Repository logo

When investigating depression and anxiety in undergraduate medical students timing of assessment is an important factor - a multicentre cross-sectional study.

Accepted version



Change log


Thiemann, Pia 
Benson, John 
Quince, Thelma 


BACKGROUND: Symptoms of depression and anxiety experienced by undergraduate medical students have become a prominent concern. Evidence about students' depression and anxiety including prevalence, trajectory during medical education, gender differences and comparisons with age-matched peers is conflicting. However few studies of medical students' mental health specify the precise time of assessment. Proximity to examinations may be relevant. Precise identification of the time of data collection might help explain contradictory findings and facilitate provision of more timely support. METHODS: This study addressed whether: 1)Proximity of final examinations affected students' depression and anxiety symptoms2)Males and females differed in this respect. We analysed data provided by 446 final year students from 6 UK medical schools. These students were a subset of data provided by 14 UK medical schools which participated in an online survey comparing first and final year students and in which final year response rates exceeded 30%. We used the Hospital Anxiety and Depression Scale to assess symptoms of depression and anxiety and the norms to indicate potentially clinically relevant cases. We grouped students into those for whom final exams were imminent i.e. within 2 months of completing the survey (n = 164) and those for whom exams were more distant or had been taken (n = 282). We used parametric and non-parametric tests to compare both groups and gender differences in respect of depression and anxiety sum scores and cases rates. RESULTS: For both depression and anxiety male and female students facing imminent final exams recorded greater prevalence and significantly higher mean scores. The effect size of differences for anxiety were large. No substantial gender differences were found for depression. Regardless of the timing of final exams female students recorded both significantly higher mean scores and clinically relevant rates for anxiety. CONCLUSIONS: Proximity to final exams negatively affected the mental health of both male and female final year students. The study suggests that there may be times in the undergraduate medical curriculum when additional or targeted support is needed. It also highlights the need for research to provide a greater specificity of context when investigating medical students' mental health.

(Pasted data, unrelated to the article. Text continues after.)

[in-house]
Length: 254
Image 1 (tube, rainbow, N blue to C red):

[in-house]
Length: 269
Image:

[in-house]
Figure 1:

Anxiety, Depression, Final exams, Timing of assessment, Undergraduate medical students, Adult, Anxiety, Cross-Sectional Studies, Depression, Education, Medical, Undergraduate, Female, Humans, Male, Middle Aged, Students, Medical, United Kingdom, Young Adult

Journal Title

BMC Med Educ

Conference Name

Journal ISSN


Volume Title



Springer Science and Business Media LLC


All rights reserved
no external funding sources